Just turn up
When David and Sophy bought the farm, the house was derelict, with a tin roof over the thatch. Renovating the building required a spartan winter before hot water was available. David runs the farm and also constructs timber frames in traditional ways, using local oak, Douglas fir and larch and time-honoured construction techniques. He left the oldtimber roof in place and built a new one over it. The low-impact of this was demonstrated when a bat survey counted 52 bats in the new roof!
Next was an extension designed entirely by Sophy and David, which doubled the size of the house, constructed with green oak using long-established principles and ingenious three dimensional joints. Oak lath and lime plaster cover the walls.
The slate roof has photovoltaic (PV) panels inset into the roof rather than mounted over the slates, to minimise visual impact (and save on slates!). The 4.8kW panels feed into a 3.6kW invertor with Solar Edge technology, allowing the performance of each panel to the monitored over the internet. Excess electricity is fed via a solar iBoost device to a 330litre water cylinder which act as a heat store. The modified Raeburn wood-burning range with back burner adds to the hot water in colder months, and when the tank reaches 70°C hot water is fed into an underfloor heating system. The system requires around 10 tons of wood per year, mostly harvested from their own woodlands.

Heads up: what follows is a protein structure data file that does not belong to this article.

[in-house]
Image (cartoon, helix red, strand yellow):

The water comes from a spring which feeds an external cistern, and the overflow goes into a large pond excavated by David as a natural haven for wildlife. A home purifying system turns this into drinking water.
A new barn by the entrance to the farm is being constructed at the time of writing, with a jigsaw of Douglas fir and bent oak pieces with elaborate joints locked together with wooden pegs.
David and Sophy’s philosophy is of low impact living, a love of natural materials and traditional crafts, and a life lived in close contact with the land.